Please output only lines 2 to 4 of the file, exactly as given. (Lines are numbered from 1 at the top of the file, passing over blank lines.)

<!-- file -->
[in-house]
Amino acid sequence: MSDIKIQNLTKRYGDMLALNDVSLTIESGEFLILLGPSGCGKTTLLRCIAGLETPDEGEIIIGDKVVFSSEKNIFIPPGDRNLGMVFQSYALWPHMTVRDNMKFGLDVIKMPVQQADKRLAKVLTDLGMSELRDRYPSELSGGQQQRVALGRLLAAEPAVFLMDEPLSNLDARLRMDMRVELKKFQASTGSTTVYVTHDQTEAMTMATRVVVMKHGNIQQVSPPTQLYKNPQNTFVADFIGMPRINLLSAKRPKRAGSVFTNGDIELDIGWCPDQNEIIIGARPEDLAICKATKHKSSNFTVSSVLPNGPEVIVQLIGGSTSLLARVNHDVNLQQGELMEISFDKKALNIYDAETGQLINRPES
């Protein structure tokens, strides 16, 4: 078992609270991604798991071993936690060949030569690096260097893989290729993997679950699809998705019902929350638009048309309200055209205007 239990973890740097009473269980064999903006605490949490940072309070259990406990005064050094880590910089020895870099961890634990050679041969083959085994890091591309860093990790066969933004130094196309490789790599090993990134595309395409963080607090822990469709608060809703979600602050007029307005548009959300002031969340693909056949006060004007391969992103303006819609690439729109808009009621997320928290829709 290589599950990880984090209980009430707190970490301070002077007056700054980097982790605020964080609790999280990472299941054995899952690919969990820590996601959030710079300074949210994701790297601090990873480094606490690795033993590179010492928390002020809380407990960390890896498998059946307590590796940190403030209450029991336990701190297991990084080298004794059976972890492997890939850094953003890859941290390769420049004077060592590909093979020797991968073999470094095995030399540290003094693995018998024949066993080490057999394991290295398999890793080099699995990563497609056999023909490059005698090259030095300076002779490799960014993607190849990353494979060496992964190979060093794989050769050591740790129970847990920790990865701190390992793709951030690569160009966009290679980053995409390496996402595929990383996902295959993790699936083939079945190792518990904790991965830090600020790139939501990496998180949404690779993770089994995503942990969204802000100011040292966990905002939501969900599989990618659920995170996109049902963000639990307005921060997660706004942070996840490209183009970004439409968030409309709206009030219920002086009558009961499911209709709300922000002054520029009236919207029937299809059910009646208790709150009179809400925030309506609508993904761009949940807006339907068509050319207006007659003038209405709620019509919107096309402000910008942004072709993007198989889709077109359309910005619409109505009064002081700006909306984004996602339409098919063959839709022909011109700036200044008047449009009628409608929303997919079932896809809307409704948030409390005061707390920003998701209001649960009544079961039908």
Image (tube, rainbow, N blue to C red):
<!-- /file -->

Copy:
Amino acid sequence: MSDIKIQNLTKRYGDMLALNDVSLTIESGEFLILLGPSGCGKTTLLRCIAGLETPDEGEIIIGDKVVFSSEKNIFIPPGDRNLGMVFQSYALWPHMTVRDNMKFGLDVIKMPVQQADKRLAKVLTDLGMSELRDRYPSELSGGQQQRVALGRLLAAEPAVFLMDEPLSNLDARLRMDMRVELKKFQASTGSTTVYVTHDQTEAMTMATRVVVMKHGNIQQVSPPTQLYKNPQNTFVADFIGMPRINLLSAKRPKRAGSVFTNGDIELDIGWCPDQNEIIIGARPEDLAICKATKHKSSNFTVSSVLPNGPEVIVQLIGGSTSLLARVNHDVNLQQGELMEISFDKKALNIYDAETGQLINRPES
């Protein structure tokens, strides 16, 4: 078992609270991604798991071993936690060949030569690096260097893989290729993997679950699809998705019902929350638009048309309200055209205007 239990973890740097009473269980064999903006605490949490940072309070259990406990005064050094880590910089020895870099961890634990050679041969083959085994890091591309860093990790066969933004130094196309490789790599090993990134595309395409963080607090822990469709608060809703979600602050007029307005548009959300002031969340693909056949006060004007391969992103303006819609690439729109808009009621997320928290829709 290589599950990880984090209980009430707190970490301070002077007056700054980097982790605020964080609790999280990472299941054995899952690919969990820590996601959030710079300074949210994701790297601090990873480094606490690795033993590179010492928390002020809380407990960390890896498998059946307590590796940190403030209450029991336990701190297991990084080298004794059976972890492997890939850094953003890859941290390769420049004077060592590909093979020797991968073999470094095995030399540290003094693995018998024949066993080490057999394991290295398999890793080099699995990563497609056999023909490059005698090259030095300076002779490799960014993607190849990353494979060496992964190979060093794989050769050591740790129970847990920790990865701190390992793709951030690569160009966009290679980053995409390496996402595929990383996902295959993790699936083939079945190792518990904790991965830090600020790139939501990496998180949404690779993770089994995503942990969204802000100011040292966990905002939501969900599989990618659920995170996109049902963000639990307005921060997660706004942070996840490209183009970004439409968030409309709206009030219920002086009558009961499911209709709300922000002054520029009236919207029937299809059910009646208790709150009179809400925030309506609508993904761009949940807006339907068509050319207006007659003038209405709620019509919107096309402000910008942004072709993007198989889709077109359309910005619409109505009064002081700006909306984004996602339409098919063959839709022909011109700036200044008047449009009628409608929303997919079932896809809307409704948030409390005061707390920003998701209001649960009544079961039908």
Image (tube, rainbow, N blue to C red):